Old 09-07-2008, 08:30 PM   #1
J Douglas Moore
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Default What is the best slang term for.............

Different parts of our country have different terms for different things. In some places a Pepsi is a soda, in others it is pop............ Or do you put your groceries in a bag or a sack or maybe a poke.........

Always thought it would interesting to see what terms come up on a thread like this, SO, what is the best slang terms for different cars, such as ; Car Carriers... ... Imods........Hoppers, etc
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Old 09-08-2008, 12:31 AM   #2
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In Central PA it's known as soda..in Western PA where my family is from it's pop. Some areas call cabooses different things...such as crummy, hack, bus etc...Local freights I've heard called locals, drills. I'm sure i can think of more.
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Old 09-08-2008, 12:47 AM   #3
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In PA, it was common to call the vacuum cleaner the "sweeper." I remember in college a fellow Pennsylvanian came by my room and asked if she could borrow the sweeper and I said no problem as I grew up hearing it called that. As she left with the vacuum cleaner, my roommate from MT was looking at me dumbfounded and said, "What the hell just happened?"
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Old 09-08-2008, 12:52 AM   #4
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What most people call carbosy units (eg EMD Es and Fs), my Grandpa calls covered wagons.
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Old 09-08-2008, 04:48 AM   #5
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Quote:
Originally Posted by J Douglas Moore
Different parts of our country have different terms for different things. In some places a Pepsi is a soda, in others it is pop............

Well, the full name is "soda pop." Here in the midwest, people like to call it by its last name. However, the rest of the country is on a first name basis.

Quote:
Originally Posted by Ween
In PA, it was common to call the vacuum cleaner the "sweeper." I remember in college a fellow Pennsylvanian came by my room and asked if she could borrow the sweeper and I said no problem as I grew up hearing it called that. As she left with the vacuum cleaner, my roommate from MT was looking at me dumbfounded and said, "What the hell just happened?"
Great story, Chris.
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Old 09-08-2008, 05:43 AM   #6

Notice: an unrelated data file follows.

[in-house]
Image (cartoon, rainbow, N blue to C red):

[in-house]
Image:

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Quote:
Originally Posted by NYC Nick
What most people call carbosy units (eg EMD Es and Fs), my Grandpa calls covered wagons.
I believe we use that term to describe cowl units. Barns is another term used to describe the cowl units.
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Old 09-08-2008, 07:47 AM   #7
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Default Nick Names in UK

Here's link to the slang terms for some UK items.

http://www.rodge.force9.co.uk/faq/nicknames.html

And another for steam stuff

Steam Loco nicknames UK

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Old 09-08-2008, 09:22 AM   #8
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A QR CityTrain is often referred to as 'the local.' Each different type has a name as well, for example, a 220 SMU is a '220' or a 160 IMU a '160.'

The QR TravelTrain services such as The Sunlander, Spirit of the Outback, The Westlander, and The Inlander are often referred to as 'the mail.' This is because they used to carry mail.

The Diesel Tilt Train is often referred to as 'the Tilt' or 'Dieselene' and the Electric Tilt Train, 'the Tilt' or 'Eileen.'

The 1720, 2170, 2300, 2470 Class Diesel Locomotives are often referred to as 'A Clyde.' This is a reference to their builder Clyde/GM/EMD.

One of the most famous ones would have to be the CountryLink eXpress Passenger Train (XPT) which is commonly referred to as 'the Worm.'
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Old 09-08-2008, 11:58 AM   #9
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Quote:
Originally Posted by alan-crotty
Here's link to the slang terms for some UK items.

http://www.rodge.force9.co.uk/faq/nicknames.html

And another for steam stuff

Steam Loco nicknames UK

Alan
I think we may need a new thread to explain many of these terms
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Old 09-08-2008, 05:33 PM   #10
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Default Too True

Too True Steve,

We are divided by a common language

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Old 09-08-2008, 05:47 PM   #11
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Quote:
Originally Posted by Slopes09
I believe we use that term to describe cowl units. Barns is another term used to describe the cowl units.
Covered Wagons are the old Fs and Es from EMD (as well as FAs and PAs from ALCO, and Sharks and Baby Faces from Baldwin, and C-Liners and Erie Builts from FM). They are a different type of construction than cowl units.

On the covered wagon, the frame of the unit is in the carbody, while on the cowl unit, the carbody is just a covering. This would be the F45, FP45, F40PH, SD50F, SD60F, etc.
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Old 09-08-2008, 09:35 PM   #12
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For a good description of cowl units, click on the following link. There are other pages describing cab and hood units as well. If you search around on wikipedia, you can find all kinds of info, such as descriptions and history of most EMD and GE units etc.

http://en.wikipedia.org/wiki/Cowl_unit
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